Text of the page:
Fever

A raised body temperature (fever) is another sign of lupus. Most of the time we associate a fever with an infection. However, a fever can also arise with non-infectious conditions like autoimmune diseases. With lupus the cause of the fever may not always be immediately identifiable, hence the term fever of unknown origin. Technically a fever is a body temperature of 98.6ºF (37ºC) and above. On it own it should not be considered as a possible indicator of lupus unless other causes cannot be identified or there are other more characteristic symptoms present.

Joint Pain

Joint pain (arthralgia) is another common sign of lupus. In fact it is one the main reasons that people with undiagnosed SLE see a medical professional. There is also joint swelling and stiffness. It tends to affect the small joints, including those of the fingers and wrists. These joint symptoms of lupus are often misdiagnosed as rheumatoid arthritis. There is also accompanying muscle pain.

Butterfly Rash

A butterfly rash which occurs on the cheeck and extends across the bridge of the nose is usually considered a characteristic sign of lupus. However, similar rashes may be seen with other skin conditions like melasma. The rash in SLE is typically red and may be painful or itchy. It can last for days or weeks and then may resolve only to return later. Melasma on the other hand usually causes a brown rash that is not painful or itchy and usually does not cross over the bridge of the nose despite affecting the cheeks.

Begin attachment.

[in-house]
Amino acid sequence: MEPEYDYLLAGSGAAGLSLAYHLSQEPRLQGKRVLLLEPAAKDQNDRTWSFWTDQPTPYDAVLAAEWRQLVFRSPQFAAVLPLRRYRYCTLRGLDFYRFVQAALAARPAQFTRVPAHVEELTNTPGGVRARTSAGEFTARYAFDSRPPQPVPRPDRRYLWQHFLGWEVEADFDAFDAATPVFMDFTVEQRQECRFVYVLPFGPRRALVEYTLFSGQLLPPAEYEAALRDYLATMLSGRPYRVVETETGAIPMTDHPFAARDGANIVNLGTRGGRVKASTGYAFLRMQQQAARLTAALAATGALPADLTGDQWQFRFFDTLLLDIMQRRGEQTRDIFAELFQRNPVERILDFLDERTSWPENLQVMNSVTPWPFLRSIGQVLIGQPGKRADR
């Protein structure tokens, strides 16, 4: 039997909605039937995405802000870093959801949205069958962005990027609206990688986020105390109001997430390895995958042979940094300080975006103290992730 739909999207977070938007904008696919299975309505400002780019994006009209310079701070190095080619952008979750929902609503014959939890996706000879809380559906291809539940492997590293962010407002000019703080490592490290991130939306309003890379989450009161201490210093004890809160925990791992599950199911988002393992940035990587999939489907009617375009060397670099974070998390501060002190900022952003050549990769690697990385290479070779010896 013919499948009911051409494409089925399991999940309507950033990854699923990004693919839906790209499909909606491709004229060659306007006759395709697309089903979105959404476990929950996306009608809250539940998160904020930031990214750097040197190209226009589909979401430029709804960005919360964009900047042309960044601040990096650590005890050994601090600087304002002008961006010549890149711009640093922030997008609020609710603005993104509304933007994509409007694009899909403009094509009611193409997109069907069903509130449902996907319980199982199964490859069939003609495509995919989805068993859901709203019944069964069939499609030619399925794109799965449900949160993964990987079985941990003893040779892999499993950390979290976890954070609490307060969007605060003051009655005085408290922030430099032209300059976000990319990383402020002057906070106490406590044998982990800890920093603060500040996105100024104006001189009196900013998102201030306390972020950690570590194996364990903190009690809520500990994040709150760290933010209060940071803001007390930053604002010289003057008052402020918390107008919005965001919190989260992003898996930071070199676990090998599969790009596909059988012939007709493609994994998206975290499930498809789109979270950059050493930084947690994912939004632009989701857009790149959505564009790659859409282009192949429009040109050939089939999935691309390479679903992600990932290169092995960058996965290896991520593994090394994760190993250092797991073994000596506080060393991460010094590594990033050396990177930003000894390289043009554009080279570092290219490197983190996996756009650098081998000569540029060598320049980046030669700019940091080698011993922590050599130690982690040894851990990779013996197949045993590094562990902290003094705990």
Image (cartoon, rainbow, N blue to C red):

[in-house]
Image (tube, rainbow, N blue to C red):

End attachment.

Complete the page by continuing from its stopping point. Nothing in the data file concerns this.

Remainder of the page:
Sun Rash

Another skin feature seen with lupus is a red rash that appears after exposure to sun. It is also worsened with the sun. This rash is in addition to the butterfly rash described above. The rash is not a sunburn althought it may be triggered and worsened by the sun. It typically lasts for a few days and then resolves on its own. The rash may be painful, itchy or present without any sensation.

White to Blue Fingers and Toes

Raynaud phenomenon is a condition where the tiny blood vessels of the finger and toes constrict (narrow) thereby reducing blood flow through it. The fingers and toes may appear pale to white in color and in severe cases it may even turn blue. This phenomenon may also be seen with lupus. However, on its own it should not be considered as a sign of lupus unless there are other signs and symptoms. Cold or stress triggers it but does not cause this phenomenon.

Other Signs and Symptoms

Lupus can affect any tissue or organ in the body including the kidneys, brain, heart, lungs and blood apart from the skin, blood vessels and joints discussed above. As a result it may present witha  host of other signs and symptoms such as:

  • Blood in the urine
  • Dry eyes
  • Chest pain
  • Shortness of breath
  • Mouth and nose ulcers
  • Hair loss
  • Abdominal pain

These are only some of the other signs and symptoms of lupus. The condition should be diagnosed by a medical professional usually after further laboratory testing.